70% of corporations do not hire felons which impede many released prisoners from finding work. With that said, IFI places a big emphasis on teaching the inmates to think about potential businesses they can create and putting these plans onto paper. Furthermore, several experienced business professionals in the community volunteer their time and provide coaching and instruction on how to create a business plan. To date, 33 participants have started their own businesses such as air condition repair, landscaping, plumbing, painting services, and car mechanic service. Just my first stop on the tour and I was already impressed.

Next stop, recording studio. As soon as I walked in I saw two inmates behind a desk that featured an Apple computer and sound equipment. Yes I was a bit jealous since I don’t even own an Apple laptop. Along the walls of the recording studio were dozens of kids’ books – some in Spanish as well as English. This was not your traditional recording studio. In this room, inmates who are fathers actually read children books and record their voice. The recordings are then mixed with background sound effects and recorded onto a CD that is then mailed to their families. Once the mom or family member pops in the CD, the kids, as you can imagine, are so excited to hear daddy’s voice and are thrilled to listen to the CDs over and over. Two times a year recordings are made – at Christmas and for birthdays. Such a wonderful idea that helps connects the fathers with their kids.

3rd stop – hear a Toastmasters speech. I was totally surprised when I found out that there is a Toastmasters group at IFI! If you are not aware of Toastmasters, it is a club that helps members improve their communication, public speaking and leadership skills. The club meets on a regular basis so that members can practice speaking in front of audiences, listening, and providing each other with feedback and evaluation.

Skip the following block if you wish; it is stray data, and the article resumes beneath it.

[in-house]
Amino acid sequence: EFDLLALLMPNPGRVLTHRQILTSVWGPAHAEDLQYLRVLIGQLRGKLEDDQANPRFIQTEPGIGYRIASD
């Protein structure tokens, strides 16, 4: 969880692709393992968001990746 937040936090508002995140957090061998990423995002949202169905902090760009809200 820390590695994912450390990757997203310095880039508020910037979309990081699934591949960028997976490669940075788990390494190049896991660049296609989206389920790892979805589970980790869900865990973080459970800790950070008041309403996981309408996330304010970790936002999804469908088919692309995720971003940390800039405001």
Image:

Great, we on the tour were thrilled to be able to hear a speech from one of the inmates. The Toastmaster (who did a great job welcoming everyone and stating the course of the meeting) introduced one of the inmates – Derrill who gave a speech entitled “How your Weakness can become your Greatest Strength”. I have heard a good number of speeches. In fact, I was also in a Toastmaster group years ago and heard several people give talks. Derrill…. Derrill was awesome. He gave a speech so well that he had my complete attention and interest. Full of life, animation, and conviction, Derrill told one of the greatest stories I have ever heard. What a brilliant idea to teach leadership and speaking skills – implement a Toastmasters group in prison.

There are several other programs at the IFI such as Financial Management, courses on work ethic, anger management, Embracing the Father, and Purpose Driven Life. Unfortunately our tour did not permit enough time to visit all the different classes.